21♂♂ 19♀♀ in UBC-SEM: Canada: Nova Scotia: Pictou Co., Barneys River at route 104, 45.58617° N 62.22710° W, 22 June 2002, L.J. Maddison, D.R. Maddison, A.E. Arnold, DRM02.103 (1♂ 3♀♀). Ontario: Muskoka District, Dwight, 45.3384°N 79.0302°W, 22 May 1976, W. Maddison WPM#76-133 (1♂). Ontario: Muskoka District, Dwight, 45.3384°N 79.0302°W, 17 May 1980, W. Maddison, WPM#80-020 (15♂♂ 12♀♀). Ontario: Kenora District, Percy Lake, few mi E of Hawk Lake on HWY 17, 29 May 1977, W. & D. Maddison, WPM#77-122 (1♂ 1♀). U.S.A.: Minnesota: Anoka Co., Cedar Creek Natural History Area, Rg 23 W Twp 34 N Sect 34-35, 16 May 1977, D. & W. Maddison, WPM#77-025 (1♂ 2♀). North Dakota: Stark Co., S of Belfield, 74 km N of Bowman along HWY 85, 31 May 1982, D. Maddison, WPM#82-164 (1♂). South Dakota: Pennington Co., 12 mi W of Interior on HWY 44, 19 May 1977, W. Maddison, WPM#77-051 (1♂ 1♀).

Natural history

This species occurs on rock outcrops in Nova Scotia and on the Canadian Shield of Ontario. Further west it occurs among grasses on the ground of prairies.

Pellenes (Pellenattus) canadensissp. n.

Figs 86–94

Holotype

Male (Figs 86, 87) in UBC-SEM, with data: Canada: British Columbia: Mt. Baldy. 49.099°N 119.156°W, 1180 m elev. 17 May 2013 W.Maddison & H. Proctor WPM#13-014.

Paratypes

(3♂♂ 2♀♀). Same data as holotype (1♂ specimen NA13-6071 and 1♀ specimen NA13-6083 in UBC-SEM). Canada: British Columbia: W of Midway, along HWY 3, 3.0 km E of crossing of Kettle River with HWY 3, ca. 49.0°N 118.83°W, 2 May 1982, W. & D. Maddison, WPM#82-019 (1♂1♀ in CNC, 1♂ in AMNH).

Etymology

Named for the country of the type locality, in honour of the 150th anniversary of Canada’s confederation.

Diagnosis

A typical member of Pellenattus with striped markings, more contrasting in males than females. P. canadensis can be distinguished by the TmA being only slightly smaller than the embolus, diverging from the embolus initially, then curving distally to touch the tip of the embolus. Pellenes levii has a similar palp, but its TmA is shorter and considerably narrower, only 1/4 to 1/3 the width of the embolus, and also is pressed against the embolus its entire length (Lowrie and Gertsch 1955, figure 17; holotype in AMNH examined).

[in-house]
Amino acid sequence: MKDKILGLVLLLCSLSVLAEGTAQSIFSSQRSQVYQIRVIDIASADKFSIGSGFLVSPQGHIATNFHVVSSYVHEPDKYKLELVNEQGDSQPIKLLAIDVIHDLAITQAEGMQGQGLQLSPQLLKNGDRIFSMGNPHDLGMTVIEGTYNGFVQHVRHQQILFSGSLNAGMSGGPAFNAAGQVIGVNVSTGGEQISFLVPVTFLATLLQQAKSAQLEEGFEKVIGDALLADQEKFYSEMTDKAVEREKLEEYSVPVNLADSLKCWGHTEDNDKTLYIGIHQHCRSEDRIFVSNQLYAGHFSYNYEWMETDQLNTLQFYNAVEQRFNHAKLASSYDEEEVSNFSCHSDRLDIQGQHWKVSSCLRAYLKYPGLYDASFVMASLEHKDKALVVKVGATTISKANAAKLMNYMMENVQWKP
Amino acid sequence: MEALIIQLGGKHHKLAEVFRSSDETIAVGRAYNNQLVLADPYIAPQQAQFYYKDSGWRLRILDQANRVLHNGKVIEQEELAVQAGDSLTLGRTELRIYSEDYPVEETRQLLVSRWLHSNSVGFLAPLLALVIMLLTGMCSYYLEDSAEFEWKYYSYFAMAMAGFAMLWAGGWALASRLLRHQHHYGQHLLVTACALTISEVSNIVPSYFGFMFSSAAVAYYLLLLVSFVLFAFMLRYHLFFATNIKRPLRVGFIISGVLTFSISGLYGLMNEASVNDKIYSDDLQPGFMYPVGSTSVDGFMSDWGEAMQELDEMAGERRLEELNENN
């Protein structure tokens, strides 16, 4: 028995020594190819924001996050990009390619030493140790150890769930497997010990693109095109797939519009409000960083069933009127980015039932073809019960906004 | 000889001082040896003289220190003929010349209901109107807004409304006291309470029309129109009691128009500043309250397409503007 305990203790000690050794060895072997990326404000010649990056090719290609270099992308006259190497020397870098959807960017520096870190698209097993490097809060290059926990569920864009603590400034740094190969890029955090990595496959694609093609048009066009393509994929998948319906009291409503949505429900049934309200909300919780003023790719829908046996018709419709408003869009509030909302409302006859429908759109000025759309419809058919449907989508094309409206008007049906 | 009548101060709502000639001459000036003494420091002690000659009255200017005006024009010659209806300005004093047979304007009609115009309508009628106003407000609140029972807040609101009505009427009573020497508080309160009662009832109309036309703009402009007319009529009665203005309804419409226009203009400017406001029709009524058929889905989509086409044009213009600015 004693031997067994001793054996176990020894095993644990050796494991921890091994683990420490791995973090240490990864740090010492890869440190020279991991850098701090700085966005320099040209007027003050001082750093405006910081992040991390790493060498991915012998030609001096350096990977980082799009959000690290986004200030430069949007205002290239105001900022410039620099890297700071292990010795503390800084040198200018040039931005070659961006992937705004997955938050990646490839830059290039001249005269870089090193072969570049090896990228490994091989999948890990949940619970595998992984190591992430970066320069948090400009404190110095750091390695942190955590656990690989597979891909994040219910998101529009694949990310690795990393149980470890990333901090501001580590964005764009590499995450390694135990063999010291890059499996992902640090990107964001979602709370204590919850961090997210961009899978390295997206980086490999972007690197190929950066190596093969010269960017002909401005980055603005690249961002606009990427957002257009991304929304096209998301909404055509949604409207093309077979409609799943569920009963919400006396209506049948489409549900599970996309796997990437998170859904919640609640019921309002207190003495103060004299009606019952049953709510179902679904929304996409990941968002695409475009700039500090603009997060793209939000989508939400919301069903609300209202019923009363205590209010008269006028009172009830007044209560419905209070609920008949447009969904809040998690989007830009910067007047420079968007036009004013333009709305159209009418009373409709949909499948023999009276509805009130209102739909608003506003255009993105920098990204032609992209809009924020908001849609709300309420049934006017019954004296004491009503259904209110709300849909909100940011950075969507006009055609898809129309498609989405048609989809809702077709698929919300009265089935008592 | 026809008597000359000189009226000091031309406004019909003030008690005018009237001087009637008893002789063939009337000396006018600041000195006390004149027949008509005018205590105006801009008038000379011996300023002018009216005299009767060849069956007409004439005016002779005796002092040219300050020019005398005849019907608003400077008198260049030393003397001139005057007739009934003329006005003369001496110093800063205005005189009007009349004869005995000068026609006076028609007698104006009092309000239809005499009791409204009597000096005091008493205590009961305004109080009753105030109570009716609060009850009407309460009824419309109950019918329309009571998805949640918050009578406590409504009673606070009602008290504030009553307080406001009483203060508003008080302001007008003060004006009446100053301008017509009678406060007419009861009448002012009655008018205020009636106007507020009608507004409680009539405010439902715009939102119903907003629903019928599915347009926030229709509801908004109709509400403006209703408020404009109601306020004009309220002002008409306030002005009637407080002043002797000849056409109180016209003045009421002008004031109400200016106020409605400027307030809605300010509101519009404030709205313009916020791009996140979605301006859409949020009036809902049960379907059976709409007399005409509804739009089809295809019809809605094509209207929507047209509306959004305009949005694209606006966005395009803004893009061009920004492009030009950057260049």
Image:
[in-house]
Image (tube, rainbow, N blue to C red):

Description

Male (focal specimen: holotype). Carapace length 2.0; abdomen length 2.1. Structure of body typical for Pellenattus. Embolus a short pointed blade, accompanied by a TmA of almost the same size, which opposes the embolus like a thumb against a forefinger (Fig. 86). The RTA is broad but pointed (Fig. 87). The cymbial lobe is small but distinct, projecting toward the retrolateral (e.g., visible behind the RTA in Fig. 86). Colour: Black except for paler femur, patella and tibia of palp, and coxae and trochanters of legs. Body with longitudinal stripes of white scales (Figs 90–91).

Female (focal specimen: paratype, specimen NA13-6083, Figs 88, 89, 93, 94). Carapace length 2.4; abdomen length 2.7. Structure of body typical for Pellenattus. Central pocket not on a raised sclerotized mound (it is in P. peninsularis). Openings posterior to central pocket (Fig. 86), as in P. levii (Lowrie and Gertsch 1955, figure 29). Colour paler than male, with more distinct chevrons on the abdomen. Clypeus white except black patches below AME (Fig. 93).

Additional material examined

U.S.A: Montana: Glacier Co., 1.3 mi SE of intersection of HWY U.S. 89, Cutbank River & HWY 445, 24 May 1977, D., W., L., & R. Maddison, WPM#77-099 (12 ♂♂ 7♀♀ 4 juveniles in UBC-SEM).

Natural history

Collected at fairly high elevation on open ground with scattered small rocks, sticks and sparse vegetation (Fig. 98).

Figures 95–101. 

Habitats of new Habronattus and Pellenes species. 95–97 Negative estuaries near Puerto Peñasco, Sonora 95, 96 Habitat of H. aestus, type locality, Estero Cerro Prieto 97 Habitat of H. empyrus, type locality, Estero Morúa 98 Habitat of P. canadensis, type locality, Mt. Baldy, British Columbia 99–101 Tropical deciduous forest of Chamela, Jalisco at type locality for both H. roberti and H. chamela 99 Habitat of H. chamela, type locality 100 Habitat of H. roberti, type locality.

Figures 102–103. 

Habitat of Habronattus luminosus, Arizona, Amateur Astronomy Vista, 31.676°N 110.929°W.

Acknowledgments

This paper uses specimens collected over many years with assistance from many. I thank especially Heather Proctor for assistance with collecting in Arizona (H. luminosus), Jalisco (H. chamela, H. roberti), Sonora (H. aestus, H. empyrus) and British Columbia (P. canadensis), and David Maddison for assistance with collecting Pellenes peninsularis and P. canadensis. Co-collectors in 1998 in Mexico (H. chamela, H. roberti) were Marshal Hedin, Gitanjali Bodner, Fernando Alvarez-Padilla, and José Luis Castelo. Ricardo Ayala provided excellent facilities and compassionate assistance at the Chamela station. Field work in Arizona and Sonora in 2013 was assisted by Geneviève Leduc-Robert, Samuel Evans, Heather Proctor, and Abraham Meza López, and facilitated by the Centro Intercultural de Estudios de Desiertos y Océanos (CEDO), Puerto Peñasco. Field work in Jalisco in 2014 was enabled by assistance from Jorge Vega and Enrique Ramírez (Chamela field station), Fabio Cupul (Centro Universitario de la Costa, Universidad de Guadalajara), and Bonnie Jauregui (Rancho Primavera). Tila María Perez provided invaluable collaboration to facilitate the field work in each of the 1998, 2013, and 2014 expeditions. Madeline Girard, Damian Elias, and Nathan Morehouse kindly supplied specimens of H. luminosus. I thank Daniel Zurek and Thomas Shahan for allowing use of their photographs of living male H. luminosus. This work was supported by an NSERC Discovery grant to the author.